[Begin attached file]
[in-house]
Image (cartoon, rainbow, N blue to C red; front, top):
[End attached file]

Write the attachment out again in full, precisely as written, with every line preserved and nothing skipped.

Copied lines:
[in-house]
Image (cartoon, rainbow, N blue to C red; front, top):